Mercedes boss Toto Wolff has expressed surprise that rival Formula 1 teams have apparently designed their cars’ floors to flex more than the regulations intended to allow.
The FIA has issued new instructions to F1 teams in an attempt to improve two key negative characteristics of the 2022 ground-effect cars – namely porpoising and the harsh ride quality that comes with stiffer, lower cars.
A revised technical directive was issued this week and the main focus has been the creation a complicated metric by which the FIA will measure and police acceptable levels of vertical oscillations, to combat the aerodynamic phenomenon of porpoising and aggressive bottoming out.
But the second part of this technical directive has generally been overlooked, with the FIA focusing on plank wear and flexibility as it considers these to be “inherently related to the same issues and goes hand-in-hand with the metric”.
Wolff said this is the “interesting part” of the FIA’s intervention as “some teams have been stretching that maybe too much”.
The FIA’s focus on this area suggests suspicions that some teams have interpreted rules that permit 2mm of flexibility in the bodywork within the area defined as the plank in a way the FIA never intended to allow.
The rules only specify no deflection greater than 2mm at two specific positions, at the leading edge of the plank and slightly further back.
There are no measurements taken at the rear, around where the driver sits, so some teams are believed to have engineered the mounting of the plank and skid block in a way that gives a degree of cushioning.
The skids are believed to be flexing more than 2mm and therefore can be used more aggressively without wearing away.
“Nobody had an idea until the FIA brought it up in the last Technical Advisory Committee,” said Wolff when asked by The Race if there were suspicions of this interpretation prior to the technical directive.
“Which was to a great surprise of all the teams because what’s in the regulations, and what was the intent of the regulations, it’s pretty clear.
“There is no argument why that could deflect more than what’s in the regs. A bit of a surprise to say the least, more of a shocker.”
From France this interpretation will not be accepted and any cars with this solution in place will be required to make changes in order not to be considered in breach of those two regulations.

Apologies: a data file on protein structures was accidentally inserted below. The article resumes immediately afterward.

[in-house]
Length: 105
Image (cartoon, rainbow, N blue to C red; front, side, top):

Red Bull team boss Christian Horner has said he believes his cars “fully conform” to everything that was outlined in the new technical directive.
But Red Bull and Ferrari have been linked as two teams that did design bodywork within the plank area to flex according to the interpretation that the FIA has taken issue with.
Mercedes head of trackside engineering Andrew Shovlin said: “When it came to light, we realised there are opportunities that we’ve perhaps not been taking or exploiting.
“So, it won’t affect us in how we run our car. It may well be it affects our competitors and by virtue of that we move a little bit closer.”
Since the FIA’s planned intervention was initially revealed ahead of the Canadian Grand Prix, Red Bull has been one of the most vocal critics.
This was in response to the way the FIA dropped the first version of its technical directive on teams on the eve of a race, and the fact that Red Bull has not suffered from porpoising to the same degree as Mercedes.
Red Bull has insisted it would be unfair to enforce changes on all teams if some cars were conforming to the rules and not porpoising or bouncing to a dangerous degree.
This weekend, Horner has been critical of what he perceives to be giving the FIA greater control of team set-ups, which he called “a dangerous avenue to go down”.
“It’s certainly not a precedent that we want to go down otherwise set-ups will be being dictated by FIA directives,” said Horner.
However, it can clearly be inferred from the FIA’s revised technical directive that its analysis into the porpoising and bottoming out issue has uncovered interpretations of the rules that it does not consider acceptable.
And that suggests clamping down on potential abuse of the underside of the floors is a matter of ensuring rule compliance rather than forcing teams to converge on designs for porpoising reasons.
Asked by The Race if he is surprised that teams doing things they are not supposed to in terms of flexing planks has become a focus when the porpoising issue was the initial priority, Horner said: “Well, obviously it’s a key performance factor so you can understand why they’re looking at it.
“But if a car runs wide at Copse, I’m sure the driver’s backside is getting pretty warm with the amount of wood he’s leaving on the aggressive kerbing there.
“So it’s something that, as the regulators, they are closely looking at, that there’s no abuse of it.
“But it has to be subjective.”